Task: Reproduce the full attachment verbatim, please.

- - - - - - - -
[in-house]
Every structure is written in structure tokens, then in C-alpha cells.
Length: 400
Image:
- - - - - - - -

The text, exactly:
[in-house]
Every structure is written in structure tokens, then in C-alpha cells.
Length: 400
Image: